as the number of queries increases. For more details, see Supplementary material.

For notational convenience, define

If the domain is normalized to , and the projections are normalized to , then . Hence, under this normalization, the functional can be approximated as

The MAP estimate can be efficiently solved by a second-order iterative optimization algorithm, since the gradient and the Hessian can be easily derived for .

The Laplace approximation of the posterior amounts to the second-order Taylor approximation of the log posterior around the MAP estimate. In the ordinary (non-log) scale, this reads

where the matrix H is the negative Hessian of the log-posterior at the MAP estimate, .111We denote the partial derivatives matrix evaluated at MAP estimate as

In other words, the posterior distribution is approximated as a multivariate normal distribution with mean and the covariance matrix .

2.4 Predictive distribution

Based on the well-known properties of the multivariate Gaussian distribution, the predictive distribution of

is also Gaussian. Given test locations , consider the by matrix . The predictive mean and the predictive covariance at test locations are (for more details see (Williams_Rasmussen) or (Chu_2005))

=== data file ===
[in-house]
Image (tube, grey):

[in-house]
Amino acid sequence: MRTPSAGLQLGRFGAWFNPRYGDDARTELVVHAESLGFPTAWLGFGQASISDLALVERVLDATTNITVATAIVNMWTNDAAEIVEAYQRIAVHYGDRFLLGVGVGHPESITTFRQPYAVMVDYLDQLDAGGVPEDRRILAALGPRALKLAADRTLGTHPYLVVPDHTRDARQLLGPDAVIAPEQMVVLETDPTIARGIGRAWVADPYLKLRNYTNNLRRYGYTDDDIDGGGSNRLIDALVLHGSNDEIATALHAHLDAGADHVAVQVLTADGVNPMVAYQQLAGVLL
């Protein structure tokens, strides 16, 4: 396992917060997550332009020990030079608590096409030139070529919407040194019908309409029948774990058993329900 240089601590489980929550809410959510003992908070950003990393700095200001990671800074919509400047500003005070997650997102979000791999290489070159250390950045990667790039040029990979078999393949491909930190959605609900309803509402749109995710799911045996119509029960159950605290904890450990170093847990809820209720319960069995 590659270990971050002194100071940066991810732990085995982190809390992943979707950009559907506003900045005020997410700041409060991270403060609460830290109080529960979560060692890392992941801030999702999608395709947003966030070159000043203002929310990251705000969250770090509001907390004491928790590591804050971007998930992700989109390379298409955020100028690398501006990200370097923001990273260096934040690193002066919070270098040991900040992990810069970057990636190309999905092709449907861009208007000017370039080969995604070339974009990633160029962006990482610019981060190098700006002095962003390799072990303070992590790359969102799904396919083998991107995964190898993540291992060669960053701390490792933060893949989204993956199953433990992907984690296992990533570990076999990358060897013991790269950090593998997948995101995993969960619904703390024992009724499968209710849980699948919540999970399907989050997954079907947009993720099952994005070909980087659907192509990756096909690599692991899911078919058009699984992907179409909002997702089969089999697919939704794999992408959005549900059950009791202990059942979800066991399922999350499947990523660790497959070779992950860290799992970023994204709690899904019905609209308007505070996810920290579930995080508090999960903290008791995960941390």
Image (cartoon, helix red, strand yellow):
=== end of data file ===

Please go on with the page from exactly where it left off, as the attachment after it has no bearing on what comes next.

where is the covariance matrix of the test locations.

3 Sequential learning by projective preferential query

In this section, we discuss how to select the next projective preferential query . We will choose the next query as a maximizer of an acquisition function, for instance, we will consider a modified version of the expected improvement acquisition function (Jones1998). When the oracle is a human, this allows us to learn the user preferences in an iterative loop, thus making the PPBO framework interactive. However, this interesting special case, where is a utility function of a human, also brings forth issues due to bounded rationality. We apply here the following narrow definition of this more general concept (see simon1990reason): Bounded rationality is the idea that the user gives feedback that reflects their preferences, but within the limits of the information available to them and their mental capabilities.